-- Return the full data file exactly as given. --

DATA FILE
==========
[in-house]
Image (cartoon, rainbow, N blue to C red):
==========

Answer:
[in-house]
Image (cartoon, rainbow, N blue to C red):